When Donald Trump stepped to a podium Nov. 4, 2020, and declared himself the winner of the presidential election, millions of his supporters apparently believed him — but Trump’s own advisers and campaign operatives knew better.
The Jan. 6 select committee, in its second of six scheduled public hearings, plans to highlight Monday the corrosive effect of Trump’s lie — and his weeks pumping it up with the help of political allies, friendly media megaphones and members of Congress. Trump’s campaign and the Republican Party reaped hundreds of millions of dollars in the weeks between Election Day and Jan. 6, 2021, a haul heavily influenced by those efforts to sow doubt about the results of the election.
Those lies became the scaffolding on which every other aspect of Trump’s effort to remain in power depended — a push to get the Justice Department to legitimize his false claims, an effort to pressure then-Vice President Mike Pence to derail the transition of power. Eventually, they became the fuel for the pro-Trump mob the battered its way into the Capitol on Jan. 6, 2021
The select committee says it intends to show that many of the people who joined that mob had been inundated by those messages from Trump and his allies, which may have contributed to their radicalization.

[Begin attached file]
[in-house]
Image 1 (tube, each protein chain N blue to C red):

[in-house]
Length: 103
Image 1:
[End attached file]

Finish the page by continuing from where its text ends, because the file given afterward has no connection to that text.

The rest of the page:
“Some of those individuals … echoed those very same lies the former president peddled in the run-up to the insurrection,” a select committee aide said Sunday evening.
The panel has come to see Trump’s preparation for delegitimizing the results of the election as beginning well before Election Day, with his effort to question the integrity of mail-in voting — even as numerous states began expanding its use amid the Covid-19 pandemic. Though even many allies had urged him to embrace mail-in voting, Trump resisted and immediately made it the centerpiece of his effort to cast doubt on the results of the election.
Within days of Nov. 3 — even before the election was called for Joe Biden — one of Trump’s advisers, Cleta Mitchell, cited these state laws as a reason to push for state legislators to appoint pro-Trump electors. In the meantime, Trump turned to allies to promote his increasingly outlandish claims of fraud, even as court after court rejected them.
To tell this part of the story, the panel will turn to Trump’s former campaign chief, Bill Stepien. Stepien was present for campaign discussions about Trump’s chances in the election, and the committee contends he can speak to the campaign’s reliance on election fraud claims to juice fundraising. Stepien is appearing under subpoena, per a source familiar with the arrangement.
Stepien will appear alongside former Fox News political editor Chris Stirewalt, who was fired in January 2021. Fox drew Trump’s outrage after the network became the first to call Arizona for Biden, a projection that ultimately held true. Stirewalt has attributed his ouster to his decision to defend that election call, while the network has said it was part of a digital restructuring. The panel may use Stirewalt’s appearance to highlight the role pro-Trump media played in spreading his false claims. The panel has already emphasized the private communications of some Fox News hosts with senior White House officials.